Woman holding up a calendar

Why You Shouldn’t Ignore Your Annual Health Screenings (And What to Expect)

Laylah Funk

National Women’s Health Month, kicked off by Mother’s Day each year, is recognized to empower women to make their health a priority—an effort that all too often gets put on the backburner while women are out, like, running the world. As much as I wish women didn’t have to worry about all the health concerns that come along with just being a woman, the truth is that your biological make-up really does impact your predisposition to certain conditions.

In the spirit of achieving better health during National Women’s Health Month—and every day moving forward—consider this your friendly reminder to make a trip to the doctor to make sure everything’s in check. (And if you’re totally unsure of what specifically you should be getting checked, keep on reading.)

Keep Up With Your Annual Pap Smear

Pap smears are the mildly uncomfortable but very necessary screening procedure for cervical cancer and human papillomavirus (HPV). Your OB/GYN will quickly swab your cervix for cells, so any abnormal cells can be detected—the first step in putting a stop to any potential development of cervical cancer.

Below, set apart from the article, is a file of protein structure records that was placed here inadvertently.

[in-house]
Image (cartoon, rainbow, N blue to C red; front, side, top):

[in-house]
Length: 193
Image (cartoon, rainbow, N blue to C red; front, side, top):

In general, doctors recommend starting your annual pap smears at age 25—but if you’re sexually active you should definitely be getting annual pap smears regardless of how old you are!

…And Your Annual Mammogram

Early detection of breast cancer is so important for so many reasons. Think: treatment options, survival rates, and quality of life. The earlier you detect breast cancer, the better—but because so many women missed their annual mammogram due to the pandemic, more and more cases of breast cancer are going undetected. In 2020, there was a 60% decrease in the rate of annual mammograms.

According to the American Cancer Society, women should start getting screened for breast cancer through an annual mammogram starting at the age of 40. Here’s a bit about what you should know about them:

  • What is a mammogram?
  • Mammography is the most accurate process out there to help detect signs of breast cancer as early as possible. Basically, you put both of your breasts (one at a time) into high-tech scanning equipment that uses X-rays to examine your breast tissue. The machine has plates that will briefly compress your breast horizontally, and then diagonally, to take digital images of the tissue. 

  • Why should I get a mammogram every year?
  • Once you start getting mammograms, your doctor will compare your most recent digital images to those from your past mammograms to identify any changes. There’s also no question that it’s best to detect cancer as early as possible—which is kinda what mammograms are best at.

    Self-Breast Examinations Are Key

    In addition to annual mammograms, the American Cancer Society recommends performing a self-breast exam every month—starting at the age of 20.